No aquatic centre for Princeton

The totals are in from the referendum vote.

Princeton area residents decided the time is not right for construction of an aquatic centre, voting it down in a referendum on Saturday.

While the vote amongst Princeton residents saw those against construction only receive 33 more votes than the yes side (474-yes to 507-no), Area H resoundingly defeated the bylaw to authorize the regional district to borrow $6 million to construct the aquatic centre with 269 yes votes to 968 no votes. The outcome is not surprising to Area H Regional District of Okanagan Similkameen director Brad Hope.

“I was though actually surprised it didn’t pass in town. There was more support there and quite a number of residents that are renters and as such wouldn’t have to actually pay the same kind of rates,” he said.

The total cost of the project was estimated to be just over $9.3 million with about $3 million subsidized through grants and donations.

“I went all through Area H to talk to people and found very few that didn’t think they could support the centre, they just didn’t feel satisfied with the referendum and the process. It wasn’t that they were against Princeton having an aquatic centre, or that they were against contributing. I think it was the referendum and the way it was set out that was unacceptable. The information that was given, the voting procedure, the numbers seemed to keep changing, the whole thing. I think many people that really wanted it agreed it was rushed to try and get it through before the elections so it wouldn’t become an election issue. Of course, it will now.”

Hope said he was for postponing the referendum throughout the process because it left many questions unanswered for the voters.

“I thought it was unfair to the electorate. Generally you would like to go into a referendum with a pretty clear picture. I think people did not, at least in Area H, like the idea of give us the money, or, it’s a concept and we will figure it out as we go. It’s a lot of money and a large tax increase and those things have to be worked out before you go to referendum, not after,” said Hope.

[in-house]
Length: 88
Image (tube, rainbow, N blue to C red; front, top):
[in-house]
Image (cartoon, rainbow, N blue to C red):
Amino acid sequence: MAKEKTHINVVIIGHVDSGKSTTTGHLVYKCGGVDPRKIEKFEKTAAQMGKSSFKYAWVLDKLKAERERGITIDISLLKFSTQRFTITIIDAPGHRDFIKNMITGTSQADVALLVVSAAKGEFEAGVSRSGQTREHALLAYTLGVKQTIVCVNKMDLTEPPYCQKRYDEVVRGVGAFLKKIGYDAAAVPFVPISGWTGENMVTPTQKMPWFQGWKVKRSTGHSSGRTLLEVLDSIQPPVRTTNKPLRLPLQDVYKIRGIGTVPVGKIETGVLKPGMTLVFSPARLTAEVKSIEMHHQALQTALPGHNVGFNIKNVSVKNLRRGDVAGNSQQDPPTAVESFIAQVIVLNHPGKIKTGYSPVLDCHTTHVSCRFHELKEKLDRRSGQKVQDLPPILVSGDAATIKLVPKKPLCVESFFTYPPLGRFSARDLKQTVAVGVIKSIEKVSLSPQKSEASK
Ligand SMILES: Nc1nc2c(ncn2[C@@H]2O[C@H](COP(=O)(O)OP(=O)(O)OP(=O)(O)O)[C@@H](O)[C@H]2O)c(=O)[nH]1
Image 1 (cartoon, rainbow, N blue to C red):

A recreation master plan in 1998 identified a new indoor aquatic centre as the number one priority for the community. However, it was determined by local governance that the most appropriate means of generating revenue for the proposed family aquatic centre was a parcel tax. This is a method of collecting taxes whereby every property pays the same amount regardless of the assessed value of property. Hope said a number of unknowns may have been what killed the yes vote including costs, land issues and other things.

“It doesn’t have to be sold, people know the benefits of an aquatic centre. What has to be sold is the information, support from industries and knowing what grants are available. If, or when, it goes forward again we will have to come with a package that is really complete and understandable. If we can do that, I don’t think we would have a problem,” said Hope.

Princeton Mayor Randy McLean said the people have spoken, but thinks the referendum process itself is a confusing one that may have turned many voters off. The referendum question posed a $361 increase in taxes but McLean said the true cost would have been around $250.

“We meet with the Premier on Wednesday and it is going to be one of the things I say to her that she should have somebody look at the referendum process,” said McLean who is at UBCM meetings this week. “If you are wanting all referendums to fail you have some good policy in there for that because it is really difficult to get things to pass when you have to try and explain to people these numbers and how they don’t really represent what they will really have to pay.”

Plans for the pool facility were designed for a four-lane, 25-metre lap pool, a warm water leisure pool with water sprays, a tot slide and a lazy river, a whirlpool and change rooms. The proposed site for the pool was adjacent to the Riverside Centre and estimated that construction could have started in June 2012 and be completed by May/June 2013. It would have replaced the aging outdoor Centennial Pool that is 44 years old.

Acting spokesperson for the aquatic facility committee, Lyle Thomas, said the outdoor pool has limited life left and band-aid solutions have been keeping it open — which also is costing the community money.

While agreeing the timeline was tight for the referendum, Thomas said the committee worked hard and did a good job getting information out to the public.

“I think the people had enough information, they just simply chose not to go in this direction,” said Thomas, adding he isn’t sure why people voted it down. “We found many people wanted a pool and they had lots of questions which we thought we answered. It was a complicated project and a complicated question and I think people maybe were a little bit confused. The elected officials chose a parcel tax system and I think a lot of people were confused by that system. We issued a document that addressed that, but I think there was still some confusion.”

Thomas said he would like to see a community meeting occur to determine what people liked and didn’t like about the project

“This whole thing is a public process and to go through it and have it voted down definitely fields some questions for sure,” said Thomas.


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